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Sylva: Govt in process of subsidy removal


The Federal Government, according to the Minister of State for Petroleum Resources, Chief Timipre Sylva, has started the process of full deregulation of the downstream sector and by implication, removal of subsidies on products.

He said the process is the outcome of the enactment of the Petroleum Industry Act 2021.

He said the measure would free funds for national development and investment in renewable energy that is part of the energy mix that fuels the economy.

His words: “The government is in the process of fully deregulating the downstream petroleum sector which will end subsidies and free up funds for national development, including investment in renewables which will be part of the energy mix that ultimately powers our economy.”

He spoke at the Seplat Energy Plc Energy Summit 2021 in Abuja.

The theme of the summit was “Global Trend in Energy Transition and the Fiscal Perspective.”

The minister, who expressed support for the global energy transition plan, however, noted that Nigeria rejected the idea of a single pathway to it.

He said the Federal Government prefers the idea of just energy transition that considers the peculiar circumstances of each nation in developing the energy transition pathway that best attains environmental, social, political and economic objectives of each nation.

Sylva sought pathway to the energy transition in order to ensure no nation is left behind.

The minister said: “This is why in Nigeria, we reject the concept of a single pathway to the energy transition. Indeed, we prefer the concept of ‘just’ energy transition which takes into cognisance the specific circumstances of each nation in developing the energy transition pathway that best achieves the environmental, social, political and economic objectives of the transition in that specific nation.

“Multiple pathways to the energy transition should and must exist in order to ensure that no country is left behind in the process of achieving net-zero by 2050.”

He explained that in Nigeria, the position above recognises the possibility of a structural decline in the price of oil and consequential fiscal vulnerabilities that may arise, as well as the increased risk exposure therefrom, and is responding to it in several ways.

Sylva identified that there is the focus on gas as part of the energy transition, which represents the first step in the journey to renewables away from oil.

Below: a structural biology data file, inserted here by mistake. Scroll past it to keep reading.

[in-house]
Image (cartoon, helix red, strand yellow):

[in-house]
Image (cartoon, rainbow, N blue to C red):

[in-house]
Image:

He noted that already the government has declared that gas is its transition fuel, and also represents a destination fuel, as it envisages that it will be part of its energy mix by 2050, given the vast resources that can be commercialised and utilised.

He recalled that at the Seplat Energy Summit in 2020, he spoke about the challenges that the Covid-19 pandemic posed to the global oil and gas industry and, in particular, the impact on the Nigerian operations.

He noted that he spoke on the strategies for sustaining business resilience and sustainability to enable Nigeria navigate the global crisis; measures that included the curtailment of oil production in response to OPEC+ initiative to rebalance and stabilise the global markets.

He reminded the participants that the aim of the production cut was achieved as oil prices rebounded from its 2020 lowest point of $10/bbl (as at 21st April 2020) to $43/bbl (as at 23rd July 2020).

Sylva said coincidentally, just a week before the Seplat Energy Summit which held on 30th July 2020, and oil price has continued on the upward trend to the current $80/bbl (as at 6th October 2021).

Meanwhile, Vice President Yemi Osinbajo, who was represented by the Minister of State for Environment, Barr Sharon Ikeazor, said climate change is affecting several aspects of lives.

He recalled that Nigeria was part of the Paris Agreement on Climate Change, noting there must be a consideration of different realities.

Gas, according to him, will play a vital role in the energy transition.

He said that the energy transition provides employment opportunities.

He revealed that the energy sector is facing, it will decentralize to renewables.

The Vice President added that there is need to expand renewable energy for power supply.

According to him, there is need to change the electricity infrastructure for transportation.

In his opening remarks, the Seplat Energy Plc, chairman, ABC Orjiakor noted that the theme of the summit meant so much to the firm.

He said owing to the company’s commitment to carbon neutrality, it changed its name to Energy.

According to him, Seplat which accounts for 30 per cent gas production in Nigeria has planned to raise it to 50 per cent by 2022.


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